On February 8, Jaime Harrison, Chairman of the South Carolina Democratic Party and a candidate for Chairman of the Democratic National Committee, spoke on the record at an event at the Institute of Politics. As soon as the question-and-answer portion began, he was asked about possible candidates for the 2020 presidential election.
“In the darkest night, you see the brightest stars,” his response began. He continued, saying he expects to see “the most diverse and youngest field that [the Democratic Party] has seen in a long time”. The names that had been bandied about for months were mentioned: New Jersey Senator Cory Booker, California Senator Kamala Harris, New York Senator Kirsten Gillibrand, former Secretary of HUD Julian Castro. Also mentioned? Connecticut Senator Chris Murphy, a Democrat growing in prominence after his pro-gun control “pop-up” filibuster this past summer. California Lieutenant Governor Gavin Newsom was another possible candidate; perhaps, Chairman Harrison said, he could win the governor’s mansion in 2018 and the White House in 2020. Even Jason Kander, former Missouri Secretary of State and 2016 Senate candidate, was brought up. By no means were all possible candidates discussed. Unmentioned by the Chair include Montana Gov. Steve Bullock, Louisiana Gov. John Bel Edwards, businessman Mark Cuban [not joking], and, most glaringly, Massachusetts Sen. Elizabeth Warren (whom Harrison said should not run). But let’s discuss those he did mention.
Former Senate candidate Jason Kander (D-MO)
Had Jason Kander beaten incumbent Senator Roy Blunt (R-MO) in November, he would already by the party’s 2020 nominee. A young, charismatic Afghanistan veteran, Jason Kander was elected Missouri’s Secretary of State in 2012. He rose to national prominence this year with an ad in response to attacks that called him weak on gun rights in which he assembled a rifle blindfolded. While Hillary Clinton lost to Donald Trump in Missouri by 18.5 percent, Sen. Blunt only eked out reelection by a 3.2 percent margin. Kander’s current project is a new non-profit, Let America Vote, which advocates for voting rights across the US.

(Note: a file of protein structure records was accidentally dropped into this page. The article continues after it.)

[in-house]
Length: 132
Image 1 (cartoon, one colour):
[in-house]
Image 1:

Senator Cory Booker (D-NJ)
Senator Booker has been a rising star in the Democratic Party since he won the special election for the seat once held by Frank Lauter, New Jersey’s longest-serving Senator. A strong supporter of President Obama’s 2012 campaign and Hillary Clinton’s 2016 campaign, Booker has been looked to as a future candidate for years. He was on Secretary Clinton’s vice presidential short list. Recently, he became the first sitting Senator to testify against a colleague appointed to the cabinet, speaking against former Alabama Senator Jeff Sessions’ appointment to the office of Attorney General. However, the Senator is in hot water with some liberal groups after voting against an amendment proposed in part by Vermont Senator Bernie Sanders aimed at “making prescription drugs more affordable”.
Senator Kamala Harris (D-CA)